A story in words & pictures about style in Africa.
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Tuesday, January 10, 2012
On the seventh day of our holiday in Lamu, my body could be satisfied by nothing other than a fat slab of cheese. No amount of bhajia, samosa, chapati, or coconut rice would cut it. So we sat outside the only duka in town that stocked Highland Cheddar, waiting for the doors to open after evening prayers.
Sitting and staring at people is nothing unusual in Lamu. It’s a national pass time; stare or be stared at. At 8.30pm, it was prime time. Shy gangs of girls in school uniform, labourers in tell-tale soiled shirts, old men in embroidered kofias, veiled women with only their eyes and hennaed feet revealed, boisterous teenagers, cart-handlers, downcast queues of donkeys, mangy cats, barefoot little boys, the odd muzungu - they all shuffled past on their way to… well, who knows? Such a display of humanity.
They all look the same I thought. Sure, they were all different ages and genders, sizes, and skin colours, but there appeared to be some kind of uniform that prevented anyone from standing out. All the men wear the same combo of shorts, shirt, and plastic sandals, all the women wear buibuis, all the kids (though cute) are non-descript. Nobody wore anything that could attract undue attention. Apparently, sartorial originality does not come at a premium on a Muslim island.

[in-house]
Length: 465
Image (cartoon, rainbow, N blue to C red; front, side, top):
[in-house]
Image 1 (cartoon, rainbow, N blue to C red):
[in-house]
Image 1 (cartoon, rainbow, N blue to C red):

I carried my theory into the next day on a quick perusal of the local clothes shops. I figured, if nothing else, my shopping jaunt might yield some vintage surprises to take back home. No such luck. There is nothing appealing about the fashions on offer in Lamu town. I say this and I’m a Stylist – I’ll wear anything. The shops themselves are sad, cavernous holes in which brown-looking, second-hand clothes are hung in as unappealing manner as possible. It’s a wonder any sales are made at all. I left empty-handed.
I’m smart enough to understand the role of religion and conservatism in a place like this, but can’t help but feel a stir of pity for the young girls (and boys) who grow up unable to explore their sartorial creativity. There’s no experimentation here; you wear what’s there, which isn’t much. It’s a simpler way of being, less vanity and less being wrapped up in oneself and one’s looks. My Western mind finds it difficult to understand.
Swahili culture is one of the most enchanting I have ever experienced. The sounds and smells and sights associated with its people and places keep me coming back year after year, I’m mesmorized by it all. So rich is the culture, so loud does it scream, that perhaps my values of personal uniqueness have no place.
A day or so later, on a walk to the beach, a family of white tourists approached from the opposite direction. It was quite the scene – a smiling Father, a number of lithe grown daughters following, and a mother trailing behind - all sheathed in various cuts of white fabric blowing in the wind, like a troupe of Bedouin wanderers. I thought for a second that I’d stumbled onto a Vogue shoot.